Converus’ Lie Detector Can Help White House Expose Anonymous NY Times Op-Ed Writer and Exonerate Kavanaugh or His Accusers
EyeDetect monitors eye behavior to detect deception, including unethical activities like those claimed by Brett Kavanaugh accusers. It’s the fastest, most accurate lie detector available.
In 30 minutes, an EyeDetect lie detector test could determine who’s telling the truth: Judge Kavanaugh or his accusers.
LEHI, Utah – Sept. 26, 2018 –The personal attacks at the White House intensified on Sept. 5 when someone purportedly from within the Trump administration published an anonymous op-eded in the NY Times. And more recently, Brett Kavanaugh, Supreme Court nominee, is defending himself from a few last-minute accusers claiming sexual misconduct. Converus, a credibility assessment technology company, says its EyeDetect lie detector can help quickly resolve matters like these.
“We have an accurate, very user-friendly and 100 percent unbiased lie detector that can help identify whether a staff member wrote that New York Times op-ed piece,” said Converus President and CEO Todd Mickelsen. “It can also quickly determine whether Kavanaugh or his accusers are truthful.”
Within hours of the op-ed, President Trump demanded the New York Times reveal the anonymous author, claiming the person’s identity must be shared for “National Security purposes.”
Converus says its EyeDetect technology can quickly help the White House determine who wrote the anonymous New York Times op-ed.
Mickelsen said when Senator Rand Paul of Kentucky recommended the president ask members of his administration to take polygraph examinations to uncover the op-ed author, it was time for his company to speak up. After Senator Paul’s comment, Vice President Mike Pence denied he or anyone on his staff wrote the anonymous piece, as well as other senior officials.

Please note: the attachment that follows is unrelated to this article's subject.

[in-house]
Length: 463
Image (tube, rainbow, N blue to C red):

“In these particular situations, a polygraph exam is simply not practical because of the time, cost, potential for human bias, and the intrusive nature of that technology,” said Mickelsen. “With EyeDetect, there are no cables or sensors attached to the examinee. The examinee just sits in front of a computer and answers some true/false questions.”
Mickelsen also stressed that because EyeDetect has an eye tracker to catch data, which is interpreted by a computer algorithm that calculates the result (truthful or deceptive), no human subjectivity or bias can influence the result of this automated test.
EyeDetect is currently being successfully implemented by state-level governments across the U.S. and in 40 other countries worldwide. Mickelsen said they’re using EyeDetect in similar situations where there’s a need to detect deception. In the U.S., state-level law enforcement agencies are using EyeDetect to screen job applicants for issues that would disqualify them from working for the organization. District attorneys, defense attorneys and prosecuting attorneys are currently using EyeDetect to screen individuals regarding claims they make that are potentially fraudulent.
In addition, state departments of correction are using EyeDetect to screen parolees to verify if they’ve disclosed all their unlawful activities prior to granting them early parole.
“We don’t care what side of the political aisle you’re on,” added Mickelsen. “Our vision and mission is all about preserving truth and exposing lies from whomever, whenever, wherever.”
Converus is hopeful EyeDetect will someday be used for screening not only state and local government employees, but also any federal government worker for interim or standard security clearances. According to a story on defenseone.com, the security clearance backlog has tripled the last three years to more than 700,000. Mickelsen says this backlog could be cleared in a few months with EyeDetect.